I’ve been involved with a project for the past three years that has finally come to fruition! My colleague at WCU, pianist Andrew Adams, and I have created a critically revised performing edition of Camille Saint-Saëns’ Morceau de Concert, Op. 94. This has recently been published by Faust Music.
Included with the music is a 5-page foreword that explains the rationale behind creating a new edition of such a standard work, and also highlights some of the changes between our edition and previous editions.
From the foreword:
"This critical performing edition of the Morceau de Concert, op. 94, by Camille Saint-Saëns (1835-1921) is the first to be based on the composer’s manuscripts housed in the Bibliothèque Nationale de France in Paris. It addresses literally hundreds of discrepancies found not only in the manuscripts themselves, but also in the scores most widely used today: the Durand edition of 1893 and the International edition of 1956."
Saint-Saëns first wrote a version of the piece for horn and piano in October 1887, and then completed the version for horn and orchestra one month later. When you look at the two manuscripts, it appears that the piano version was more of a rough sketch, and the orchestral version is a more thoroughly thought-out work. Most of the current editions are based solely on the piano version. Our edition could be called a piano reduction of Saint-Saëns’ orchestral version, but it really is more than that. We looked carefully at both manuscript versions, and tried to faithfully represent the composer’s intentions.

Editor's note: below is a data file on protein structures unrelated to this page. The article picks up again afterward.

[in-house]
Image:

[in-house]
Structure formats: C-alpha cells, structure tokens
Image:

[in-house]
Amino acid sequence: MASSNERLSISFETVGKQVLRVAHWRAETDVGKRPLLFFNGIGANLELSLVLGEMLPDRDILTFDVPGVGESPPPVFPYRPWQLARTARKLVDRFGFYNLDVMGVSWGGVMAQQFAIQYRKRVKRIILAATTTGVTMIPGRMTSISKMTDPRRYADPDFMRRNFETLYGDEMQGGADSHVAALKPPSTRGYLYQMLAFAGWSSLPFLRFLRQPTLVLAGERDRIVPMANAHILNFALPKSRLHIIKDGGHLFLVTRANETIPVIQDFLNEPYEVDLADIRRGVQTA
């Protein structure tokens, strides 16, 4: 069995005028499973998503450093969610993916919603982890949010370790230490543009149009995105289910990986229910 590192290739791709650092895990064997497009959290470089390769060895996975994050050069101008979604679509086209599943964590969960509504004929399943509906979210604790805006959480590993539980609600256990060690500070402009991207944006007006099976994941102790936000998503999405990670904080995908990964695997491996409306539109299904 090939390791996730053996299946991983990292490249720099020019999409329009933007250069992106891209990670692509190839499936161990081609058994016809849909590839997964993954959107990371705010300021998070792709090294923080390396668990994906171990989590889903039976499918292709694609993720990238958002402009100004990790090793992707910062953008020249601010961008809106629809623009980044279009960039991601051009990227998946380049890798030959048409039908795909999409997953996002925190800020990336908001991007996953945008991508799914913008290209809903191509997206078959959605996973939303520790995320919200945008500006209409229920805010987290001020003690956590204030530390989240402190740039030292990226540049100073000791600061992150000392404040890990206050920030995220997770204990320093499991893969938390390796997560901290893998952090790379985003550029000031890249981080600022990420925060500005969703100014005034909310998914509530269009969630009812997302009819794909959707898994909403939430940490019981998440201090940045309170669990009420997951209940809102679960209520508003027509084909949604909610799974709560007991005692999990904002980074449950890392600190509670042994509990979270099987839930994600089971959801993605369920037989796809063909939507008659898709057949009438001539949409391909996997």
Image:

This post is in danger of going on way too long, so I’ll just try to whet your appetite so that you’ll buy the music! There are many small but important changes in the horn part, including a few note changes, articulation changes, and some very interesting dynamic changes compared to the previous published editions. The piano accompaniment has been thoroughly revised to make it truer to the orchestral score and more pianistic. I must give much credit to my collaborator, Andrew Adams, because it was his feeling that the existing piano part seemed a little clunky that led us to start looking into this piece in the first place.
One other note about this edition, from the foreword:
“It is important to note that the markings in this edition do not merely reflect an interpretation of the piece. While performers may take interpretive liberties with such elements as slurs, articulations, and dynamics, this edition hopefully presents compelling ideas based on the original sources that will shed new light on this beloved piece in our repertoire.”